June 19, 2018

The College in the Budget – Review of Bro. Baxter’s Tract

By Reuel Lemmons

(EDITOR'S NOTE: My position on the matters discussed in the following article has been made quite clear I think. It therefore should be obvious to regular readers that I do not concur in every particular in Brother Lemmon's article. However, I am glad to print Brother Lemmon's unequivocal opposition to the church support of Bible Colleges and to church support of every benevolent institution under a board of directors (such as Boles, Potter and Schultz-Lewis), whether an orphan home or a home for the aged. He therefore op poses congregational sup port of 12-15 of the 31 "homes" built and maintained by Churches of Christ. Please read carefully this article, and look for another from him to appear in the July issue of this paper. C. W.)

Unpleasant tasks often befall the editors of brotherhood papers. Among them is the necessity of sometimes taking issue with good friends and esteemed brethren. We have that unsavory task occasionally, and n o w must face up to it again.

It is with extreme reluctance that we do so now, because the man with whom I must take issue is a close personal friend and a man for whom we hold the highest possible regard. Brother Batsell Barrett Baxter heads the Bible Department of David Lipscomb College. He is a preacher for the Hillsboro church in Nashville, staff writer for the Gospel Advocate, and featured speaker on the Herald of Truth radio and television programs. Because of these positions the error he teaches through his recent tract "Questions and Issues of the Day" is all the more dangerous, and a reply is forced upon us. Since the tract was mailed to a wide mailing list we deem it unnecessary to run the entire tract in the Firm Foundation in replying to it.

The tract comprises the gist of three sermons preached in the Hillsboro church building, and Brother Baxter says in a private letter: "The elders of the congregation are in agreement with the positions which I have taken and suggested that it be put in print." The tract begins with the statement of principles with which all agree, but it proceeds to the conclusion that churches should support liberal arts colleges out of the church treasury. In fact the whole purpose of the sermons and the tract was to establish this conclusion. With such a conclusion we must disagree.

Brother Baxter nowhere quotes the scripture that would justify the church contributing to a liberal arts college; he uses human reason entirely and finally, after making some strong statements about the responsibility of the church to support colleges, he throws the whole thing in the realm of opinion, and urges unity, from John 17, on the basis, of course, of the opinion he holds and with which he says the elders of the Hillsboro church agree.

If this were a difference of opinion between Brother Baxter and me, I would not waste the time and space to reply to him. There is grave danger that division may come to the church over this matter and victory in the field of opinion is not worth dividing the church of my Lord. To me this is a matter of faith with reference both to caring for the indigent and supporting colleges from church treasuries. I will deal with the question of caring for the destitute first.

Paul said, "If any woman that believeth hath widows, let her relieve them, and let not the church be burdened: that it may relieve them that are widows indeed" (I Tim. 5:16). Did Paul bind the care of the indigent upon relatives who are able to care for them? I think surely no one will deny this fact. Paul said, "If any provideth not for his own, and especially his own household, he hath denied the faith, and is worse than an unbeliever" (1 Tim. 5:8). If one does that which makes him worse than an unbeliever, he has certainly violated "the faith once for all delivered to the saints." If Paul's statement concerning the care of indigent relatives is a matter of faith, who can deny that his statement in the same verse concerning the responsibility of the church is a matter of faith, and not a mere opinion? This verse obligates and authorizes the church to "relieve them that are widows indeed."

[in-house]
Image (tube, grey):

I am not interested in theological nit picking. I realize full well that there are borderline cases that may well test the wisdom of all of us. What I am interested in is the germane fundamental principle underlying our religion. Then it becomes every man's responsibility to apply these principles to each individual case. I am interested in restoring the New Testament church and the basic rules and concepts of the church which were laid down by Jehovah God through the Holy Spirit. Among these basic principles none is more basic than those dealing with the fundamental nature of the church. To tamper with these is to tamper with the faith once and for all delivered to the saints.

The popular theory of today is that of relativism. In this tradition nothing is absolute. Sins specifically condemned yesterday may become the norm of today -- and what is right today may be dead wrong tomorrow. Our brethren have not, up until now, given in to relativism. With them there have always been a set of absolutes. The word of God has been considered a plumb line to which we must true our crooked walls. This is the heart and core of our faith. If it were to disappear we would be without hope. Once we have committed ourselves to honoring these absolutes of Scripture we have fixed policies and principles within the framework of which we are free to act, but outside of which we dare not venture. One church is a spiritual kingdom, created by Jehovah on the day of Pentecost, and given the tasks of (1) preaching the gospel; (2) edifying the saints; and (3) caring for certain needy ones. It is not designed as either a Red Cross or a liberal arts college. There is a sense in which it possibly pleases God that they exist and that they do their work; but Jehovah God did not design the church to be the pillar and ground of support for either of them.